In the case where the row address is listed in the address conversion table, a row address after reorganization processing can be obtained by referring to the address conversion table 226.

On the other hand, in the case where the row address is not listed in the address conversion table, the raw address has not existed prior to the reorganization processing and has been inserted during the reorganization processing.

Whether a row address is listed in the address conversion table or not is judged by referring to a row address of a log.

The DB reorganization processing unit 213 executes address conversion for re-sorting by converted address when a row address is listed in the address conversion table, and executes processing indicated by a log which is an aggregation of logs. For instance, when this aggregated log is a “deletion” log, the DB reorganization processing unit 213 deletes the row having the row address of this aggregated log.

As a row address that is not listed in the address conversion table, the DB reorganization processing unit 213 inserts a new row address area and writes data in the inserted row address. The new address is recorded in the address conversion table 226.

FIGS. 16A and 16B are explanatory diagrams of how logs are aggregated.

In FIG. 16A, when “DEL” (deletion) or “UPD” (update) is the only operation performed on a row at an existing row address in the main DB 222, there is only a “DEL” log or a “UPD” log and no need to aggregate. Accordingly, the “DEL” log or the “UPD” log serves as the log for this row address without log conversion.

When plural logs are recorded for a row identified by a row address, the oldest (the first log recorded) and latest (the last log recorded) of the plural logs alone are picked out for log conversion.

In the case where the oldest log is a “DEL” log and the latest log is an “INS” (insertion) log, the log conversion aggregates the logs into one “UPD” log for this row address.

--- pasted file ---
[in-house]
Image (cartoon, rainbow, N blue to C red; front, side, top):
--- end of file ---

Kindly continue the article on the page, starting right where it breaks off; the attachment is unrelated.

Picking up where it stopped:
In the case where the oldest log is a “DEL” log and the latest log is also a “DEL” log, the log conversion aggregates the logs into one “DEL” log for this row address.

In the case where the oldest log is a “DEL” log and the latest log is a “UPD” log, the log conversion aggregates the logs into one “UPD” log for this row address.

In the case where the oldest log is a “UPD” log and the latest log is an “INS” log, the log conversion aggregates the logs into one “UPD” log for this row address.

In the case where the oldest log is a “UPD” log and the latest log is a “DEL” log, the log conversion aggregates the logs into one “DEL” log for this row address.

In the case where the oldest log is a “UPD” log and the latest log is also a “UPD” log, the log conversion aggregates the logs into one “UPD” log for this row address.

In FIG. 16B, for a row address that has not been present before reorganization processing is started, namely, a row address whose oldest log is an “INS” log, the log is changed as a log that is not listed in the address conversion table.

In this case, when “INS” is the only operation performed on the row identified by this row address, the “INS” log serves as the log for this row address without log conversion.

When plural logs are recorded for the row identified by this row address, the oldest (the first log recorded) and latest (the last log recorded) of the plural logs alone are picked out for log conversion.

In the case where the oldest log is an “INS” log and the latest log is also an “INS” log, the log conversion aggregates the logs into one “INS” log for this row address.

In the case where the oldest log is an “INS” log and the latest log is a “DEL” log, the log conversion aggregates the logs into one “NOP” (No Operation) log for this row address, meaning that no operation is performed on the row identified by this row address.

In the case where the oldest log is an “INS” log and the latest log is a “UPD” log, the log conversion aggregates the logs into one “INS” log for this row address.

FIG. 17 is a flow chart of table log catch-up processing.

This processing is executed by the DB reorganization processing unit 213.

First, the DB reorganization processing unit 213 judges whether a log has been read to its end or not (a step S2001).

When it is judged that the log end has been reached, the processing is terminated.